What America Can Learn From the Great Leap Forward

Today in my country of America, there is mistrust and division between the Republican and Democratic Parties. Different visions of the world are maligned by their respective opponents. However, I believe not all the political disagreement in the public sphere in the U.S. today is a bad thing. History demonstrates that being shielded from criticism and debate leads to evil consequences. 

Photo by zibik from Pixabay

The history of Mao Zedong and China during the Great Leap Forward (1958 – 1962) provides lessons for the United States today. China experienced a man-made famine because its totalitarian state punished those who spoke truth. This is a danger intrinsic to the totalitarian, one-party system, one of which Anna Halpine, founder of WYA, was cognizant. She greatly admired Václav Havel, a Czech hero who opposed communist totalitarianism in eastern Europe. In his famous essay, “The Power of the Powerless,” Havel observed that in a totalitarian state, “the center of power is identical to the center of truth.” Criticism is treated as an existential threat.

Mao Zedong was one of the founders of the Chinese Communist Party (CCP) in 1921 and considered a revolutionary hero by 1949. In 1958, Mao pushed the Chinese people to surpass Great Britain’s economic production to showcase the superiority of his brand of communism over capitalism. To achieve this end, unattainable economic goals were set. Farmers were recklessly diverted from food production to steel industry and infrastructure. This meant famine.  

When concerned party members spoke realistically about what the economy could produce and dared contradict the party propaganda of The People’s Daily, the state-owned newspaper, Mao treated their candidness as a personal affront and political subversion. For “splitting the party,” the offender would be forced “to declare his stand,” “expose his thoughts,” and “bare his heart to the party” in the hopes of retaining his livelihood.[1]   

Consequently, false reporting and silence abounded. Ravenous and malignant party elites demanded quantities of grain the citizenry could not supply. Starvation ensued as the Party plundered from its malnourished people for four years. Respected journalist Yang Jisheng and historian Frank Dikötter estimate that no less than thirty-six to forty-five million people lost their lives due to starvation and violence.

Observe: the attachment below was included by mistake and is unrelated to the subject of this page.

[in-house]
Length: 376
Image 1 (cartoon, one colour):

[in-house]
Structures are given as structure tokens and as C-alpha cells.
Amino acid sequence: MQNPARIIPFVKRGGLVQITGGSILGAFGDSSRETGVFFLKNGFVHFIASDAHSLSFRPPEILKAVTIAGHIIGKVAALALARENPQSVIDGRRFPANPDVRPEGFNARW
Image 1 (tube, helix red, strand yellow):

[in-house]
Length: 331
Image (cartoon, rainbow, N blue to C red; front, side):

If more people had spoken the truth and sought to remove Mao from power, tens of millions of lives would have been saved. With few exceptions, no one spoke publicly against the Great Leap Forward since livelihood and security flowed from an unapproachable and insecure Mao.      

In a one-party, ideologically uniform system, there is no check upon the abuses of state leadership. This has disastrous consequences. The all-powerful party strives to coerce people to believe, or feign belief, in the efficacy of its policies despite the clear evidence of its intellectual and moral bankruptcy. Under the rule of the CCP, this evidence was mass-famine. Broaching criticism was only allowed until too late. In every age, there needs to be openness to consider others’ input without punishing and silencing them. The pursuit of human excellence requires this. 

As long as freedom to speak the truth is protected by both its parties, the United States will always be in a better place than if ruled by a monolithic power without such liberty. No one party is in command of the whole truth. 

Published: July 25, 2020
Written by Justin Lombardi, a WYA North America Intern

Resources:

[1] Yang Jisheng. Tombstone: The Great Chinese Famine, 1958-1962 (New York: Farrar, Straus and Giroux, 2013): 19, 104.